To ensure you are truly considering diversity throughout the entire hiring process, there are a few things you will want to think about during the offer stage.
According to Glassdoor…
“76% of job seekers consider workplace diversity an important factor when considering employment opportunities”.
If you want that star candidate to accept your offer, you need to be prioritising DEI (and making this clear to your candidates).
Implementing DEI initiatives, hiring diverse candidates, and giving everyone an equal chance for a seat at the table are all important first steps to be more diverse and inclusive in your hiring process. Your candidates are looking at this, and are searching for a company and team where their perspectives are valued. If you aren’t walking the talk when it comes to DEI, you will struggle to get those candidates on board.
How diverse was your shortlist? A Harvard Business Review study clearly demonstrates the need for multiple people from minority groups being selected. To ensure you’re considering diversity in the offer stage, it’s a good idea to be conscious of your mix of shortlisted candidates. If you take a step back and realise you perhaps weren't as diverse and inclusive as you would have liked to be during the screening process, try to expand your shortlist and hold more interviews if possible.
It’s also important to consider diversity at all levels. For example, you may have a great gender split of shortlisted candidates for mid-management level roles, however your C-Suite candidates may not match this. Not only does greater diversity at an executive level provide new perspectives but, according to Fast Company, greater representation of women in C-Suite level positions also generates 34% higher returns to shareholders. It’s a win-win.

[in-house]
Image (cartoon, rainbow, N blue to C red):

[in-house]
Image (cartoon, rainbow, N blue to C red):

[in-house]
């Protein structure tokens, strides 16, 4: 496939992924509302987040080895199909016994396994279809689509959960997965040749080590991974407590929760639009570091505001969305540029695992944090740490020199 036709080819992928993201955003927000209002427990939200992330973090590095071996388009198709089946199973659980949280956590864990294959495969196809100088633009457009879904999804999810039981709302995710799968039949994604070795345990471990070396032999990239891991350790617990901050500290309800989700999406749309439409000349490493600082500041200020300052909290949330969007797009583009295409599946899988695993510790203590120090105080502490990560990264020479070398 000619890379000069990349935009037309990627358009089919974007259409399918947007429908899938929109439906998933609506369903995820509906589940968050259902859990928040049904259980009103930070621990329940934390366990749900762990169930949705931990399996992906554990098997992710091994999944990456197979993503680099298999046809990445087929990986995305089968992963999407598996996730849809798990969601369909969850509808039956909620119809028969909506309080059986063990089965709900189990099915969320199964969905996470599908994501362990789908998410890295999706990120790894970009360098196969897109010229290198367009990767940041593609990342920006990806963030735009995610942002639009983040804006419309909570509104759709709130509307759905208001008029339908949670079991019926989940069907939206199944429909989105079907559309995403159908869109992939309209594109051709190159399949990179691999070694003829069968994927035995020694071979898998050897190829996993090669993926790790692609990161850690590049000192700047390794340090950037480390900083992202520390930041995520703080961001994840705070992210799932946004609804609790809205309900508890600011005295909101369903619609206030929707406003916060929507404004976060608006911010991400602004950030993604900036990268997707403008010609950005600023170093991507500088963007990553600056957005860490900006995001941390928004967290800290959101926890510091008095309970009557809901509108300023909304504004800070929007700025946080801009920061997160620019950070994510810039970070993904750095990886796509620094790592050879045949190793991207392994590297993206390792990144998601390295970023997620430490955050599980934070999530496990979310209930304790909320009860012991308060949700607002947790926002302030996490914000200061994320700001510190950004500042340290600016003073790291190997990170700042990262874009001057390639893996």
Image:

Once you’ve selected that star candidate, it’s time to make a formal offer. At this stage, you should consider the entire salary package – both compensation and benefits. With DEI in mind, consider the benefits you are working in to a contract and how you can be inclusive. For example, if you are offering a role to a working mum, consider offering flexible working hours for school pick up and drop offs. And, if it’s a student, maybe it’s an early finish on a Tuesday for class. Whatever it may be, consider how you can be supportive and inclusive of the obligations your team members have beyond the 9-5, so that you’re not missing out on great candidates. Research also reveals that employees who feel valued and supported experience increased job satisfaction and a decreased risk of anxiety and burnout. A happy workforce is a productive workforce.
When it comes to salary negotiations, you want to ensure you are being fair and equitable. A good mindset to adopt is equal jobs should have equal pay. For example, if you find that there is a disparity in the salary packages offered to candidates of different genders for the same role, it’s important to nip this in the bud if you are to close the gender divide. It’s also important to be honest around role budgets. Low-balling your candidates, especially those who are junior or who may lack experience or confidence around negotiating pay, will start things off on the wrong foot - and go against what you set out to achieve with a DEI hiring strategy.
You can’t forget to send rejection letters to those applicants who weren’t successful - nurturing this talent pipeline is important. According to Lever, 36% of the workforce is actively looking for a new opportunity at any given time. Just because your unsuccessful candidates weren’t offered this role doesn’t mean they aren’t perfect for the next, and you now have a ready-to-access pool of screened and interviewed talent to reach out to.
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